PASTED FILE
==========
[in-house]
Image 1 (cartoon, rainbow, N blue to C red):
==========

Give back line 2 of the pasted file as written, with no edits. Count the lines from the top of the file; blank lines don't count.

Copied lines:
Image 1 (cartoon, rainbow, N blue to C red):